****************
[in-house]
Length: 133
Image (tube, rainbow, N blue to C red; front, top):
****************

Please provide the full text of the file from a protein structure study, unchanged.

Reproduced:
[in-house]
Length: 133
Image (tube, rainbow, N blue to C red; front, top):